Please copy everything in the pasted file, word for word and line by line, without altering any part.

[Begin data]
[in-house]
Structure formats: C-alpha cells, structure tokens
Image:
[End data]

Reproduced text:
[in-house]
Structure formats: C-alpha cells, structure tokens
Image: